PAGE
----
Moral education, Derek Bok (1990) reminds us, once occupied a central place in the intellectual life of students and professors. Strengthening or building the character of students was part and parcel of academe, at least until World War II. College presidents and professors believed that character building contributed to "an educated class committed to a principled life in the service of society" (Bok, 1990, 66). This view and practice, Bok contends, has been largely abandoned, having lost ground to logical positivists, the growth of big science, and the spectacular advances of technology. The secularization of society also took its toll on moral education in the halls of academe.
In public administration, questions of morality and ethics became captives of the Wilsonian legacy of neutral competency, which found expression in the dominant operating philosophy of public managers to get the job done. Getting the job done right meant for all practical purposes doing what was right or ethical. Professionals in the "pro-state" tirelessly pursued the holy trilogy of efficiency, economy, and effectiveness (Stillman, 1991). In combination with a heavy dose of clientelism and paternalism, questions of morality and ethics were largely relegated to the sidelines in the teaching and practice of public administration, even though new public administration theorists made a determined effort to inject values into the life of the administrative state.
Then came Watergate, the Iran-Contra affair, and the Wall Street-HUD-Capitol Hill scandals of the 1980s. The near impeachment and removal of a sitting president stirred the American soul and prompted renewed public interest in governmental ethics. Thus, in 1978 President Jimmy Carter signed into law the Ethics in Government Act, committing federal employees to standards of behavior believed to be in the best interests of the American public. Six years later, in 1984, the American Society for Public Administration (ASPA) adopted an ethics code designed to raise the ethical standards and practices of its members. And in the late 1980s, the National Association of Schools of Public Affairs and Administration (NASPAA) incorporated language into its curriculum standards that called for public administration programs to "enhance the student's values, knowledge, and skills to act ethically and effectively."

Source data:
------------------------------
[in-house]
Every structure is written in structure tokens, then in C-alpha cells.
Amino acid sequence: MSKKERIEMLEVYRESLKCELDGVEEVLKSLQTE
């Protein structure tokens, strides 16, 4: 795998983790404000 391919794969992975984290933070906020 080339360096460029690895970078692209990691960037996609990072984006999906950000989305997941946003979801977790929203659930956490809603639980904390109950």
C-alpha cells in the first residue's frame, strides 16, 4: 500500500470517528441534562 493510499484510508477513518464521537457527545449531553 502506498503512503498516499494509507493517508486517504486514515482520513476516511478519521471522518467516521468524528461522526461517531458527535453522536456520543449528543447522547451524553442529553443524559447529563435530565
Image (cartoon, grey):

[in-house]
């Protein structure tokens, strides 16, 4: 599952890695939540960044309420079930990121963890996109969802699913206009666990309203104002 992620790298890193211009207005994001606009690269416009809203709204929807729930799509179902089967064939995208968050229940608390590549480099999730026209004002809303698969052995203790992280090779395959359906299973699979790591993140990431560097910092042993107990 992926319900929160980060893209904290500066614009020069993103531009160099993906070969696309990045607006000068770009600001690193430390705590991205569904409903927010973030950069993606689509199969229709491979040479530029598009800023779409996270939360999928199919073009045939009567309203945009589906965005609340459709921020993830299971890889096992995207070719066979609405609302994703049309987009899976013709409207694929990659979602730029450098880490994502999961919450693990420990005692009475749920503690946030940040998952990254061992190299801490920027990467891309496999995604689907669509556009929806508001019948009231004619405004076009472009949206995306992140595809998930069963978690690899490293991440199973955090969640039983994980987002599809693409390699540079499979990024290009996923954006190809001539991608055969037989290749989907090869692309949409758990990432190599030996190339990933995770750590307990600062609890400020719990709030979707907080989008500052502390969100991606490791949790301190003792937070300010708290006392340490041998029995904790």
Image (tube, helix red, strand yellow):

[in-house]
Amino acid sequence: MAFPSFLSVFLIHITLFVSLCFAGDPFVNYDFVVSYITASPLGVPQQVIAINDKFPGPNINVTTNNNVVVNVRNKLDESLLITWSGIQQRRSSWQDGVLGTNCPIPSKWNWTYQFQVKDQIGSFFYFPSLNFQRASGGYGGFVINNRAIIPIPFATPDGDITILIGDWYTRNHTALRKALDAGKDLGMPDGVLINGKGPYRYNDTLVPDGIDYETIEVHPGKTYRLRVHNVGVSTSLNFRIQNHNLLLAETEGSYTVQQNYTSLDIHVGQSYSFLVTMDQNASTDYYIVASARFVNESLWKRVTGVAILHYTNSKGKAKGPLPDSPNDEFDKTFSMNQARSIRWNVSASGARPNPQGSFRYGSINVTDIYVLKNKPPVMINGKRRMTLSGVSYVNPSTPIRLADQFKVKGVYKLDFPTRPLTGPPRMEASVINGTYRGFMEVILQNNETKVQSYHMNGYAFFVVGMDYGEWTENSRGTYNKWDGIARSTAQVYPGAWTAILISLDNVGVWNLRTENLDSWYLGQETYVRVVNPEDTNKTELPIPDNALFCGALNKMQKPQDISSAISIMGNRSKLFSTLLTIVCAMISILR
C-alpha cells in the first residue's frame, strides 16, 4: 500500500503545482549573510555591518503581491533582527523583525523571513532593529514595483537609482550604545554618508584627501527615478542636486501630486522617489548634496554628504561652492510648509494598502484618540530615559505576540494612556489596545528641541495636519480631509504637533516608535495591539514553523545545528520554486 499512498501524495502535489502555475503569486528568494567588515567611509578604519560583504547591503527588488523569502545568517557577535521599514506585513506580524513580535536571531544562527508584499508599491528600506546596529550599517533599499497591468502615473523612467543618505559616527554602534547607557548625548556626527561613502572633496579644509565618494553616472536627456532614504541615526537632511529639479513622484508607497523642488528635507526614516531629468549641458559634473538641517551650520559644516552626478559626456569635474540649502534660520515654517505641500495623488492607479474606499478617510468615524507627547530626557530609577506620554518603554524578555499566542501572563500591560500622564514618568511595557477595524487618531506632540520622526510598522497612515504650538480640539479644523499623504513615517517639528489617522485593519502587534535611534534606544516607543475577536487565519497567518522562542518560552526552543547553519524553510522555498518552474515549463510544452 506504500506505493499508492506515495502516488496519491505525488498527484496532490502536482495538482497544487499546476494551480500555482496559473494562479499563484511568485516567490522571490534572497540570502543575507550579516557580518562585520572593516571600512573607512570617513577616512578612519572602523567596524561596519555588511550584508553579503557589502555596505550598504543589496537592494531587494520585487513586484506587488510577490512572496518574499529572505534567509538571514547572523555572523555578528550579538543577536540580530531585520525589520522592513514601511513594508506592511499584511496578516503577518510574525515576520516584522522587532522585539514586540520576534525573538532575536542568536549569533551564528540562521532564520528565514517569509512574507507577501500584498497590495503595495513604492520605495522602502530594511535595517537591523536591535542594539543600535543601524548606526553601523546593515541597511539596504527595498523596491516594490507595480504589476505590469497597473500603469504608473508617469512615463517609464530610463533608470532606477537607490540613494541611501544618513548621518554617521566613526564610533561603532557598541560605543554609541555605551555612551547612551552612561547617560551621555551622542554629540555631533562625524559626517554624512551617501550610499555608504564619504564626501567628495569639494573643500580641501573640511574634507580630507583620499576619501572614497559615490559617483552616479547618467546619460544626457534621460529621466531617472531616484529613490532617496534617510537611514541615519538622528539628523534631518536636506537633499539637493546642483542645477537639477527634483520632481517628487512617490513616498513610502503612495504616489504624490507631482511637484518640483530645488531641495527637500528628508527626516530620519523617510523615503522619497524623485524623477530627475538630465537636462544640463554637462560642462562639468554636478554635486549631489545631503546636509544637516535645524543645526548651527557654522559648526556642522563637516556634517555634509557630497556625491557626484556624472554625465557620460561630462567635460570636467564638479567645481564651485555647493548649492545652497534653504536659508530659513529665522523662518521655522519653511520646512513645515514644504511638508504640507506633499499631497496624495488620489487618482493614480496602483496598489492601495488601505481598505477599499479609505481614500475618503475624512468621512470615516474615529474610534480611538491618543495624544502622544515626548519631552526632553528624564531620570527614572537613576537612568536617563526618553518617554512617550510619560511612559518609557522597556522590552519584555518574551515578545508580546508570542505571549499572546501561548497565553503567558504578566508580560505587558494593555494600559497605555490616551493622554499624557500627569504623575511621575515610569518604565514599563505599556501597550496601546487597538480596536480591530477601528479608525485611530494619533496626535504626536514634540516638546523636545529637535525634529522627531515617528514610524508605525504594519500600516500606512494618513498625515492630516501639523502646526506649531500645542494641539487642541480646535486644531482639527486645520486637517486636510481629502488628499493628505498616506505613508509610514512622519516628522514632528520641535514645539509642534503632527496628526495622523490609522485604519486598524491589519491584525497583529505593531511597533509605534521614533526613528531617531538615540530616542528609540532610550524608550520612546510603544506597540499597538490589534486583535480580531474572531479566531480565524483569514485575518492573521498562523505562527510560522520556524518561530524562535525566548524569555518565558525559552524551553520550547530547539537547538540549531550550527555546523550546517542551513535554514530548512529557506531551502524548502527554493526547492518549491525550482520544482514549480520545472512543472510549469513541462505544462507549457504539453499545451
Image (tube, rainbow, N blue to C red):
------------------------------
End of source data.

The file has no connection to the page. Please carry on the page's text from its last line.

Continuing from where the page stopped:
These laudable efforts -- federal legislation, ASPA's code of ethics, and NASPAA's new language -- were clear signals to the public and academe that ethical behavior is needed and expected of government officials. Moreover, the message sent to public administration graduate programs was unequivocal -- ethics education cannot and should not be relegated to the curriculum sidelines.
Indeed, the evidence points to the fact that MPA programs have moved steadily over the past 25 years toward the incorporation of ethics instruction and courses in their curriculums. A 1995 survey of NASPAA-member schools found that about a dozen schools added ethics courses in the 1970s, with another ten schools added to the list in the early and mid-1980s (Menzel, forthcoming). The adoption curve increased sharply in the late 1980s and 1990s following NASPAA's change in the language of its accreditation standards. By the mid-1990s, 78 NASPAA-member, MPA-degree-granting schools offered an ethics course. Among these 78 schools, one of every four requires matriculating students to complete an ethics course (Menzel, forthcoming).
The purpose of this article is to extend previous research in order to address what is probably the most important but least investigated question facing faculty and public administration programs that provide ethics instruction: Does ethics education make a difference? That is, does formal ethics instruction in graduate public affairs/administration (PA/A) schools help public service professionals resolve ethical dilemmas? Stated differently, does ethics pedagogy matter? …